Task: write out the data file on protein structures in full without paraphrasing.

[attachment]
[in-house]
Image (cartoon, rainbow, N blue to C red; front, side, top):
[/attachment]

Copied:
[in-house]
Image (cartoon, rainbow, N blue to C red; front, side, top):